The Consortium Gender Strategy commits the CGIAR Research Programs (CRPs) to developing agricultural technologies, farming systems, and policies to support rural women in improving agricultural productivity and their livelihoods. The CGIAR Gender and Agriculture Research Network was set up to promote cross-cutting research to benefit rural women and integrate gender into all CRPs.
The approach has two strands. The first is to build capacity to address the gender dimensions of agricultural research and development at the Consortium level, and the second is to integrate gender into individual programs. All CRPs are required to consider gender in research and to monitor gender outcomes.
Gender is central to the four CGIAR strategic objectives of reducing poverty, improving food security, improving nutrition and health, and working towards sustainable, resilient agroecosystems. CRPs and their partners join forces to address gender issues, for example to improve women’s access to markets as a way to reduce poverty, and improve food security and nutrition. CRPs are undertaking research to develop more inclusive and gender-equitable commodity and food value chains for rice, maize, wheat, legumes, roots and tubers, as well as for forest, fish, and livestock products.
Consortium Gender Strategy
Gender inequalities affect technology, land, water, forests, livestock, and fisheries, education, income, investment, and labor. The Consortium Gender Strategy, launched in 2010, covers both gender in research, and gender in the workplace.
Each CRP is developing a strategy for integrating gender into research. The CRPs will also collaborate on cross-program research, capacity development, and knowledge sharing through the CGIAR Gender and Agriculture Research Network. A human resources specialist at the Consortium level will be responsible for gender in the workplace.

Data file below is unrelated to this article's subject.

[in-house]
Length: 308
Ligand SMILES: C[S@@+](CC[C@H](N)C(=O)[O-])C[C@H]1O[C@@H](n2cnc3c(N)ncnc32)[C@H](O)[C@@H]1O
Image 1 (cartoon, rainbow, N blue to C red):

The Strategy sets out clear and enforceable accountability mechanisms, and measures for deploying first-class scientific talent to gender research. To ensure accountability, research results, the resources allocated to achieve results, and the gender expertise deployed for research will be monitored. Efficiency and coherence in managing diversity in the workplace will be addressed across programs, and will build on the achievements of the earlier Gender and Diversity Program.
CGIAR Research Program gender strategies
Each CRP is developing a four-year strategy for delivering measurable benefits to women farmers in target areas. CRP gender strategies involve two approaches: strategic gender research to deepen understanding of how gender disparities or gender relations affect agricultural innovation, productivity, and sustainability; and integrating gender analysis into research on topics such as plant breeding, adapting to climate change and integrated pest management.
The results of research on gender and gender analysis will be made available to development partners as well as researchers, with the aim of benefiting both men and women. Progress on CRP gender strategies is reported annually as part of the Consortium monitoring and evaluation system.
Previous CGIAR research on gender
The CGIAR has a long history of analyzing gender issues to identify innovations that benefit poor rural women. In the 1980s the International Rice Research Institute developed the Women in Rice Farming Systems Program which reduced drudgery and gave women more access to new rice production and postharvest technology.
For almost two decades, the International Food Policy Research Institute Intra-Household Research Program has demonstrated that gender-disaggregated economic models are fundamental to shaping food policy. These models show that women producers have unequal access to land, credit, agricultural extension agents, and technology, and that this unequal access prevents them from producing as efficiently as men.
The Participatory Research and Gender Analysis Program coordinated by the International Center for Tropical Agriculture (CIAT) from 1997 to 2011, demonstrated how engaging women farmers in crucial technology design and development decisions related to new varieties improves adoption by women.
The CGIAR Gender and Diversity Program promoted proactive development, recruitment, and retention of women scientists and managers in the system and among national partners.